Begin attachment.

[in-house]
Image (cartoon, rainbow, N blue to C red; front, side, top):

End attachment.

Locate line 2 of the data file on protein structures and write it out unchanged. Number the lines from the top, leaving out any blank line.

Image (cartoon, rainbow, N blue to C red; front, side, top):